Image author: Kris Krüg
NHL fans are always looking for ‘The Next One’. If there’s a player who shows even the slightest bit of exceptional ability, he’s labeled the next Wayne Gretzky (aka ‘The Great One’).
Eric Lindros, Paul Kariya, John Tavares, Connor McDavid, Sidney Crosby. All of these players have suffered with the label, and while they’ve had success, none are even close to Gretzky’s achievements in the game.
But fans continue to hope. With many current NHL fans only getting a glimpse of the hockey legend through YouTube, the question remains: when will we get another Gretzky?
Spoiler Alert: There Will Never Be Another Wayne Gretzky
Okay, I’m going to take a bit of an unorthodox approach and just come out and say it: there will never be another Gretzky.
We can alk about the stats. Dominance. The records. The championships. He had all that. But with Gretzky, it went beyond hockey. And that’s what makes him a true legend, the kind of player we’ll never see in the NHL again.
Just like Diego Armando Maradona in soccer, or Michael Jordan in basketball, Wayne Gretzky transcended the sport. His impact was felt not just on the ice, but in popular culture. His trade to the LA Kings, for example, made hockey ‘cool’ in SoCal. It gave the NHL mainstream appeal, finally breaking a barrier in the United States.
Wayne Gretzky carried the sport’s popularity south of the border. He was the catalyst for the market to expand to American hockey markets that had previously had little to no interest in the NHL. Without him, there’s no Mighty Ducks trilogy that hits Hollywood. There’s no NHL franchise spearheaded by Disney, nor would the Panthers of Coyotes exist.
For a while, Gretzky was hockey. Sure, that’s unfair to some of the other great talented players the league had to offer back in the 80s and 90s. But there’s no denying that ‘The Great One’ was the face of the league.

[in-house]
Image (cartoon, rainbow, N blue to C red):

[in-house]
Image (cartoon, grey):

That kind of impact can’t be measured by the record books.
How Good Was He, Really?
Some detractors will admit that Gretzky had an undeniably significant impact on the NHL. But they’ll also claim that as a player, he really wasn’t that good. They’ll say we’re viewing things through rose-tinted glasses, or that he wouldn’t survive in today’s game.
Heck, even Wayne Gretzky himself puts his numbers down to the era, right place, right time. He explains how it’s harder to score in today’s game, and how he wouldn’t have anywhere near the number of records if he’d been born later.
But there’s just one thing. He still dominated the rest of the league, he was streets ahead of everyone else in terms of scoring. Think about this: if he had played 16 more seasons without registering a single point, his average would still be 1+ for his career.
Let’s put it in gambling terms. With Wayne Gretzky on your team, you’d always have to bet with a negative puckline spread; a handicap of -1.5? Standard. He could score any number of goals needed. His trade to the Kings, for example, turned the franchise from perennial underperformers to Stanley Cup finalists. He pretty much did this single-handedly.
His scoring stats are just mind-blowing. If you exclude his goals, he still has more points than anyone else in NHL history. Together with his brother, who also played in the NHL, he’s half of the highest-scoring sibling pair in history. His brother scored four points in his career.
Sure, it’s harder to score in today’s NHL. But great talents adapt, and there’s no doubt that Wayne had it in buckets. The NHL even changed a rule because of this guy, and colloquially it became known as the Gretzky rule.
He had the talent, like Lemieux. But he also had an on-ice vision. He had the smarts. He could see the next pass and the one beyond that. The longevity, to deliver every single season. The mental toughness. The stats. The accolades.
Players with more pure skill may come along. His records will one day be broken, each and every one of them. The GOAT debate may intensify in the future, who knows. But. let me say again, there will never be another Gretzky.